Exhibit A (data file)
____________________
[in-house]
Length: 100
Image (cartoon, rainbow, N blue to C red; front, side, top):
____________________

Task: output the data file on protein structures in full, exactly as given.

[in-house]
Length: 100
Image (cartoon, rainbow, N blue to C red; front, side, top):